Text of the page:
A lot of people have been asking for my opinion on Heisman Trophy winner Johnny Manziel, who in January allegedly signed hundreds of autographs on photos and sports memorabilia for a "five-figure" fee. This a huge NCAA no-no.
My overall opinion is that the shame of this whole situation does not lie in one particular place. It lies in several places:
1. Manziel. Here's a kid who by all accounts didn't need the money; his family provides for him easily. Aside from being disrespectful to his school and the NCAA, Manziel was very short-sighted.
There's a very consistent market for Heisman Trophy winner collectibles. Without exaggeration, I'd say that every Heisman Trophy winner can earn at least $100,000 once they leave school. That's built-in. That club is that exclusive.
But now Manziel has created market confusion around his autograph; no one knows for sure how many items he's signed, or what kind of items he's signed. He's devalued his own signature. And on account of that fact and his behavior in general, any reputable collectibles company like Steiner Sports would think twice about committing to him. So for a few thousand dollars, Manziel has potentially jeopardized tens if not hundreds of thousands of dollars in future earnings.
You ever hear the expression "Sometimes you need to jump over a five-dollar bill to get to a twenty?"
Neither has Johnny Manziel.
2. Drew Tieman, the dealer who had Manziel sign these items. He knows better than to take advantage of a kid like Manziel. (Yes, he's a kid. He's 20!)
Every industry has people like Tieman - the bottom-feeders who take advantage of people to make a quick buck. And in every industry, these kinds of people drag everyone else down with them. The memorabilia market is worse off for Johnny Manziel right now, not better. Considering how exciting a player he is, that's a frightening thing to say.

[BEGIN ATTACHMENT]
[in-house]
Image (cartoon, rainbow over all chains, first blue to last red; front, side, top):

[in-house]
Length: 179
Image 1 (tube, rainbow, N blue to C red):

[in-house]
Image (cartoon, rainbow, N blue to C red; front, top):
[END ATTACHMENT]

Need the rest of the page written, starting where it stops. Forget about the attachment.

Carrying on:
3. The NCAA. A D-I college football team can make upwards of $50 million in a good year. This is not chump change. Players are all too aware of the money their schools and the NCAA make off them. Their argument - "The school's making money off me, why can't I make money off me?" - does make sense. Yes, they get scholarships, but they don't have enough non-sports time to be normal students, to learn all that non-athletes learn. They clearly deserve something extra, but the NCAA has long pretended this isn't a problem. Get real, NCAA. Shame on the NCAA for never evolving to address this.
Personally, I think all D-I football and basketball players (male and female) should receive a stipend. This wouldn't solve the problem. but at least it would help. At least then players couldn't claim they're getting nothing.
So what's the "take-away" here?
To me, there are two lessons.
Firstly, Manziel and Tieman are illustrations of what happens when you try to take short-cuts in life. The quick win is never worth the long-term loss. Think of Manziel next time you want to cut corners on something.
Secondly, the NCAA is an illustration of what happens when you pretend for too long that a problem doesn't exist. The NCAA may be "right" according to the letter of the law. But too many athletes have done what Manziel did for this to be fully their fault. The NCAA has to take more responsibility for these incidents than it ever has. Otherwise, they're going to keep happening. I guarantee it.
In other words, as I like to say, It's not worth being right if you can't get it right.
Did you know that the most successful people in the world never come up with an idea first? That’s because the most successful people do the best job of improving an already existing product or service.